ICDP has set aside a “pragmatic approach” to the evolution of motor retail in a new whitepaper which explores the impact of a ‘clean-slate’ shift omnichannel car distribution.
In a report officially launched today (February 10) it reveals the results of research – prompted by retailers and OEMs – which aims show the possibilities of a wholesale shift away from traditional retailing.
Describing the premise of the study, ICDP said: “If you had none of the legacy constraints, what might an omnichannel retail model for cars look like, and could you then apply some of that thinking to an established network?”
In the resulting model, which delivered a dramatic hub and spoke restructure of retail locations and the introduction of an agency model, ICDP predicted that manufacturer’s retail partners could achieve return on sales of up to 25.1% and a return on investment of 46.6%, figures which it acknowledged were “both dramatically higher than any traditional dealer today”.
ICDP drew on insight gained for the likes of Daewoo, Dacia, Qoros, Tata and Tesla to inform its direction with its automotive distribution strategy.
It said: “The traditional route to market is founded on a distribution model that is too expensive, accounting for roughly a third of the retail price of a car when customer discounts and dealer incentives are taken into account.”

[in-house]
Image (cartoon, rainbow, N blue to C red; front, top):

A strategy which reflected that agency model thinking explored by ICDP managing director, Steve Young, in his recent AM Live Virtual webinar – which is still available to view, by registering here – saw the ICDP base its calculations on a leasing, rather than sales, model.
Marshall Motor Holdings chief executive, Daksh Gupta, also offered greater insight into his assertuon that he would “wholeheartedly embrace” an agency model in an interview at AM Live Virtual.
The ICDP’s ‘clean slate’ report said that OEMs needed to ensure that they maintained greater control of a vehicle throughout its life-cycle, stating: “(OEMs) have failed to exploit as fully as they could the revenue and profit that is generated by the car across its lifecycle.”
Building on the traditional tools of service plans and warranties, it said that over the air upgrades and the possibility of “power by the hour” charging models were both possible solutions.
Suggesting that cars should be accessed in a “lease-only” model, ICDP said that customer relationships must be developed to extend beyond the traditional three-to-four-year period and into a vehicle’s ‘used car’ lifecycle.
It said that cars would likely be disposed of after eight years as the increased maintenance demands sees the balance of viability shift.
The ICDP report added: “As the manufacturer would own the cars throughout the extended operating cycle assumed in our business model, it makes no sense for them to be wholesaled through a franchised dealer network.”
As such, OEM partners would have their activities restricted to aftersales and handover duties.
This would mean a vastly-reduced investment in property and remove any need to hold vehicle inventory.
Without large-scale car showrooms, the ICDP study said that an OEM would need to rely on ‘big data’ rather than ‘big dealerships’ in order to grow awareness of its brand and products.
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